This title appears in the Scientific Report : 2013 

Characterization, monitoring and imaging of biochar by geoelectrical measurements
Haegel, Franz-Hubert (Corresponding author)
Esser, Odilia / Jablonowski, Nicolai David / Zimmermann, Egon / Mukherjee, Santanu / Linden, A. / Huisman, Johan Alexander / Vereecken, Harry
Zentralinstitut für Elektronik; ZEA-2
Pflanzenwissenschaften; IBG-2
Agrosphäre; IBG-3
2013
European Geosciences Union General Assembly 2013, Vienna (Austria), 2013-04-07 - 2013-04-12
Poster
Modelling and Monitoring Terrestrial Systems: Methods and Technologies
OpenAccess
Please use the identifier: http://hdl.handle.net/2128/5573 in citations.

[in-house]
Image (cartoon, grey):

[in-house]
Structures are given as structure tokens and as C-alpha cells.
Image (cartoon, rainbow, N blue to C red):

Although biochar has been intensively investigated in recent years, thereis still a lack of knowledge due to the variability of soil and biochar properties, and the wide variety of experimentalconditions used in these investigations. The properties of biochar strongly vary depending on the feed materialand the production process. Therefore, it is of great interest to have methods which allow the characterization andlong-term in-situ monitoring of biochar properties at different scales ranging from small laboratory columns to fieldsites. In this study, measurements on the complex electrical conductivity have been performed by spectral inducedpolarization (SIP). The method has been found to be a valuable tool for distinguishing different types of biocharand for monitoring the release of ions from biochar. SIP uses sinusoidal alternative current in the frequency rangebetween 1 mHz and 45 kHz and provides information on the ohmic conductivity and on the electrical polarizationof soil materials with added biochars. Whereas the release of ions leads to an increase of the ohmic conductivity,information on the chemical structure of biochars can be obtained from the polarization. Five types of biochar havebeen investigated in this study. The magnitude and the frequency dependence of the polarization can be used todistinguish the different types of biochar. Biochars with a larger degree of carbonization showed higher electronicconductivity and yielded higher polarization. The frequency dependence of the polarization further depended onthe amount and the size of the biochar particles. The measurements also confirmed that the release of ions frombiochar can be monitored using the ohmic conductivity. Whereas SIP is suitable for the characterization of biocharin the laboratory, electrical impedance tomography (EIT) can be used to obtain the spatial distribution of the complexelectrical conductivity in laboratory columns and in the field. This method is an imaging technique based onthe determination of SIP signals with a larger set of electrode positions. It opens up promising research avenuesfor in-situ monitoring of biochar in field soils.